She was happy to be so well taken care of, and is glad to live in a community filled with people who care.

CELL PHONE SAFETY

Had to stop at Walmart to pick up a prescription before going home during the cross between rain and snow late last Wednesday afternoon. While there, realized my cell phone battery was nearly dead. It's been infested lately with wicked pop-up ads that often prevent me from answering phone calls and drain the battery, but that's a whole different story.

Point here is, I am spoiled and was afraid to drive home to Crivitz on treacherous roads without an operating cell phone. Mine is a ZTE model that needs a different sort of charger. Walmart didn't have one to sell and I had forgotten mine at home.

After realizing she couldn't help me, the clerk in the electronics area called their photo area, where they do have the right connectors, and sent me there. The friendly folks there couldn't do it in the open to the public area, so they took it into their back work room and charged it, while I shopped a bit. No pun intended, they did not charge for their charging service.

Thanks to them, I was able to drive home with the comforting knowledge that my phone was powered up and I could call for help if I needed it.

If you catch someone doing a good deed, please call or e-mail. We'd love the opportunity to pass along some praise in this column! Can use names or not, as you prefer.

COOKIN' TIME

With the weather as it has been, it's hard to believe that Easter is just seven weeks away, but it is! Shrove Tuesday, a traditional pancake day, is Tuesday, March 5. Ash Wednesday is coming up on Wednesday, March 6, which means this is Mardi Gras weekend, so recipes for some good Cajun cooking are called for.

SAUSAGE AND SHRIMP JAMBALAYA

According to Southern Living, this surf and turf slow cooker recipe is the perfect dish for Fat Tuesday. (To be an Ash Wednesday special, it would need to be meat free, and that isn't the case.) In traditional jambalayas the rice is cooked right along with everything else,but for this version it's better to cook it ahead and just heat it later with everything else.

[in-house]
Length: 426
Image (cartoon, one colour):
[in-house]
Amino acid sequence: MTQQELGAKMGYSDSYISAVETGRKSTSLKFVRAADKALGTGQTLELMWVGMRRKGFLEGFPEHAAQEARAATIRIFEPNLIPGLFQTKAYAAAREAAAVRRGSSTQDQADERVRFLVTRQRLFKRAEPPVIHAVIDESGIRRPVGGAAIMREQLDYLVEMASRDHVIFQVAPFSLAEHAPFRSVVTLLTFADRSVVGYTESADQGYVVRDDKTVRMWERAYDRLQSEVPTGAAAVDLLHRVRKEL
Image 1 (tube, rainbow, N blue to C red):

1 pound andouille sausage

1 tablespoon cooking oil

2 packages (8 ounces each) mixed pre-cut onions, celery

and green peppers (or one pound that you chop up yourself)

4 garlic cloves, mixed

1 tablespoon Creole seasoning (*or mix your own, see below)

1 teaspoon dried thyme

2 cans fire roasted tomatoes, 14.5 ounces each

2 cups chicken broth (*or shrimp broth, see below)

2 bags boil in the bag rice, 3.5 ounces each

1 pound shrimp, peeled and deveined

Chopped fresh parsley

Chopped green onions

Hot sauce, optional

Cook sausage in hot oil in large skillet over medium heat until browned, about five minutes. Stir often. Add onion, celery, bell peppers, garlic, Creole seasoning and thyme and cook until the vegetables begin to soften. Place in slow cooker. Add tomatoes and chicken broth. Cover and cook on low for four hours. Cook rice according to package directions. When the four hours are up, stir the rice into the slow cooker, heat a bit and then stir in the shrimp. Cover and cook on high for 15 minutes. Serve with chopped parsley and green onions and pass the hot sauce.